- Ch.10 The Expounder of the Dharma 5:30:08
- Ch.11 The Appearance of a Jeweled Stupa 5:54:15
- Ch.12 Devadatta 6:12:04
- Ch.13 Perseverance 6:23:44
- Ch.14 Ease in Practice 6:54:44
- Ch.15 Bodhisattvas Emerging from the Earth 7:21:20
- Ch.16 The Lifespan of the Tathāgata 7:40:35
- Ch.17 Description of Merits 8:04:53
- Ch.18 The Merits of Joyful Acceptance 8:17:25
- Ch.19 The Benefits Obtained by an Expounder of the Dharma 8:45:02
- Ch.20 Bodhisattva Sadāparibhūta 8:58:59
- Ch.21 The Transcendent Powers of the Tathāgata 9:08:52
- Ch.22 Entrustment 9:13:06
- Ch.23 Ancient Accounts of Bodhisattva Bhaiṣajyarāja 9:38:19
- Ch.24 Bodhisattva Gadgadasvara 9:58:48
- Ch.25 The Gateway to Every Direction [Manifested by Bodhisattva Avalokiteśvara] 10:23:58
- Ch.26 Dhāraṇī 10:37:19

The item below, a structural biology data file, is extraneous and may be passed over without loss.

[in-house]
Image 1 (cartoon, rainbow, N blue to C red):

- Ch.27 Ancient Accounts of King Śubhavyūha 10:54:19
- Ch.28 Encouragement of Bodhisattva Samantabhadra
The parables of the Lotus Sutra
There are seven great parables in the Lotus Sutra, each teaching a different lesson. The symbolism of having seven parables is this sutra is also significant, as seven is considered to be auspicious in Buddhism.
They can be akin to the seven chakras, the seven days of the week, or the seven colors of the rainbow. Each parable has its own unique message, but they all ultimately teach us about the power of Buddha’s nature.
The goal of the Buddha is to lead all sentient beings to become a Buddha also and attain Buddhahood, and these parables show us the way.
But why exactly are the seven great parables of the Lotus Sutra so important? Well, let’s take a look at each one and see what messages they contain.  
The Parable of the Blazing House (Chapter 3)